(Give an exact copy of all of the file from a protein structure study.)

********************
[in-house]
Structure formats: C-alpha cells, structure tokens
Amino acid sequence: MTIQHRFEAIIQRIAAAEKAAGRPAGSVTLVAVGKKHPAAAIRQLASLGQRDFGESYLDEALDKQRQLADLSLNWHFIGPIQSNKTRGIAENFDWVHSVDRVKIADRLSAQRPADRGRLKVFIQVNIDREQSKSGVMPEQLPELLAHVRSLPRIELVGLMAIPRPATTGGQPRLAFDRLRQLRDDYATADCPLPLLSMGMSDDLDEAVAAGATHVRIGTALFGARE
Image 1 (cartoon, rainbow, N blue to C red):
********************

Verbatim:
[in-house]
Structure formats: C-alpha cells, structure tokens
Amino acid sequence: MTIQHRFEAIIQRIAAAEKAAGRPAGSVTLVAVGKKHPAAAIRQLASLGQRDFGESYLDEALDKQRQLADLSLNWHFIGPIQSNKTRGIAENFDWVHSVDRVKIADRLSAQRPADRGRLKVFIQVNIDREQSKSGVMPEQLPELLAHVRSLPRIELVGLMAIPRPATTGGQPRLAFDRLRQLRDDYATADCPLPLLSMGMSDDLDEAVAAGATHVRIGTALFGARE
Image 1 (cartoon, rainbow, N blue to C red):